Since commercialization, lithium-ion batteries have been increasingly used in a varied range of devices, basically from first generation handheld electronics to power cars and buses. Furthermore, these batteries started being increasingly used in energy storage applications, that are usually paired with the production of renewable energy. On the other hand, Bloomberg New Energy Finance stated that the continuous deterioration in prices of these batteries together with the worldwide trends—directed toward energy networks powered by renewable energy sources—is projected to surge the world’s growing energy storage capacity to 2,857GWh, by 2040.
These outstanding projections draw an encouraging depiction of how important lithium-ion batteries energy storage applications will be in the future as the world increases the use of renewable or clean energy sources to power energy networks across the globe.
According to a Japanese chemist named Akira Yoshino, recycling batteries is very crucial in order to maintain the supply of raw materials to support the surge in the demand for electric vehicles. Recently, Yoshino has been awarded a Nobel prize—along with two others—for their innovative work on modern lithium-ion batteries that are used in varied applications from cars to smartphones.
Nowadays, the world is shifting toward electric vehicles that run on power batteries. Increased adoption for electric vehicles is boosting the demand for supplies such as nickel, copper, and cobalt. But then again, there arises a fear that mineworkers won’t be competent enough to provide the supply of raw materials that can satisfy the growing demand, and hence offer greater opportunities for battery recycling market. According to a report by Research Dive the Battery Recycling Market is expected to register a CAGR close to 8.9% between 2016 and 2024.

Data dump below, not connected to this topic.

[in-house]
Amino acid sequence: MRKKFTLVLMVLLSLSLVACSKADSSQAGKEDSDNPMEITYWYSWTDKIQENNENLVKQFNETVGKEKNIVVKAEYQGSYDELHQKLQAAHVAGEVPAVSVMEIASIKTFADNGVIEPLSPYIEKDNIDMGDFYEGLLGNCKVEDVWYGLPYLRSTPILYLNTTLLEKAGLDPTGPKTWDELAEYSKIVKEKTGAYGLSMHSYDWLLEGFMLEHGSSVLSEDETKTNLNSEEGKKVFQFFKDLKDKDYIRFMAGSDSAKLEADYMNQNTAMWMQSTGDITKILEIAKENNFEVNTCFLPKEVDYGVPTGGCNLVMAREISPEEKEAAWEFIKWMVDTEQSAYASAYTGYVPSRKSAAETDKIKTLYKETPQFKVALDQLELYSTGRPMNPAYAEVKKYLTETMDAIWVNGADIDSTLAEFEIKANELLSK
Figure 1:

The used batteries are dumped into the municipal garbage solid waste centers. This waste can pollute both soil as well as water and might dangerously affect the ground water level. Batteries used in electric vehicles include large quantities of plastics, metals, and rare minerals. The current EU regulation on the recycling rate for batteries is only 50% of the total weight of the battery which is not sufficient to hold the valuable materials used in these batteries. Battery recycling can be a great solution to solve all these problems. It can also reduce the emission of CO2 from the manufacturing processes. Inadequate availability and the environmental effects of mining depict that recycling these rare minerals back to battery production is vital in order to reduce the environmental effects of battery usage all over the lifecycle.